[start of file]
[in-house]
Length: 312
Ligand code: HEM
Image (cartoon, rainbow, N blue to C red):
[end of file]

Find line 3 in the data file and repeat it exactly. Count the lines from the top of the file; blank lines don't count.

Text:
Ligand code: HEM